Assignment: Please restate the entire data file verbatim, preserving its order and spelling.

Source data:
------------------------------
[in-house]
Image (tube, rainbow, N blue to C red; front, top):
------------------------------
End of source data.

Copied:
[in-house]
Image (tube, rainbow, N blue to C red; front, top):